Last Updated: Oct 13, 2021 @ 1:26 pm.

What's the best sippy cup? To find out, we put 14 different sippy cups to the test, checking for leaks, ease of cleaning and kid-friendly grip. Here are the winners.

FYI: We've been reviewing and rating products for the home and families since 1994. To keep things independent, we don't take money or freebies from brands we review! Our work is 100% reader-supported!


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Best Sippy Cup Overall

Look ma! No spouts or straws!
We have a winner! This softly textured cup came out on top, thanks to its rimless design. It's important your child learns to drink out of a cup, not just a straw or spout.
$13.49

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Best Sippy Cup: Munchkin Miracle 360 Sippy Cup

We tested 14 sippy cups with actual toddlers before crowning the Munchkin Miracle 360 Sippy Cup as our top choice for Best Sippy Cup.

Yes, there are several kinds of sippy cups—with spouts, with straws and the new fave: rimless cups. Most toddlers start with a spout or straw sippy cup.

Rimless cups are the next developmental step after traditional sippy cups. They look and behave like a lidless cup, but have a control valve that keeps your toddler from spilling the entire contents when you’re not looking. These are a great idea for those days when temper tantrums rule the house. Even if your little one threw this cup across the room, the amount of liquid spilled would be minimal.

The Munchkin Miracle 360 allows your child to sip from any side of the cup (hence the 360 moniker) just like a regular cup. It comes with only three main parts (plus a thin, clear gasket at the top of the cup), is dishwasher safe (top rack) and has a softly textured surface for easy holding. Smaller versions come with handles if your child’s hands are too small to grasp comfortably. Your child activates the cup when she puts light pressure from her lips to the edge of the cup/gasket. When released, the gasket automatically closes.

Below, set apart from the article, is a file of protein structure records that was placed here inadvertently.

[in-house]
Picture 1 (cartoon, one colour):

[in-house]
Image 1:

Picture credit: Baby Bargains

Munchkin Miracle 360

While the cup is pretty good at containing liquid, you can get some leakage with vigorous shaking or if you leave it on its side for a long period of time. Parents also complained the cups can grow mold under the gasket (which can be hard to clean) and the control valve. Careful cleaning and drying is necessary to keep the cup mold free.

However, if your child is at least 12 months old and ready for the transition from a sippy to a more realistic low-leaking cup, the Munchkin Miracle 360 is the best option.

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Best Budget-Friendly Sippy Cup

Great for travel, affordable
These disposable sippy cups are durable enough to reuse many times, but cheap enough to lose without getting too upset. Easy on the wallet.
$9.08

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Best Budget-Friendly Sippy Cup: First Years Take & Toss

First Years Take & Toss Spill-proof Sippy Cups are easy on the wallet, yet sturdy enough to be used for up to a year before throwing them out, based on our testing. These affordable cups come in packages with four cups and lids.

The Take & Toss 10 oz. cups are made from BPA- and BPS-free plastic and can be washed in the dishwasher. While they are reusable, the First Years’ selling point is they are cheap enough that you won’t be bummed if you lose one. And if you have a toddler at home, you know that is going to happen.

Our readers are overall pleased with these cups, although they caution Take & Toss cups aren’t completely spill proof if the cap is not on the spout. So we suggest these cups for older toddlers who aren’t spiking their cups like footballs.

If you’d prefer a straw sippy cup, First Years has a straw version as well: First Years Take & Toss Spill-proof Straw Cups are great for older toddlers. One caveat: remember to put the lid on first, then put the straw in the lid. If you snap on the lid with the straw already in it, the seal creates a vacuum which pushes liquid out of the straw and all over you! (Yeah, that wasn’t fun in our testing!).

FYI: Sippy cups with spouts are popular with toddlers, we know, but they are less so with pediatricians and dentists. See below for a discussion of this controversy.

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Best Sippy Cup with Spout

Easiest to hold and clean
Our toddler testers thought these cups were easiest to grip, thanks to textured design. Easy to clean. Critics note the cup's wide base doesn't fit in some cup holders.
$7.20

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Best Sippy Cup with Spout: NUK Learner Cup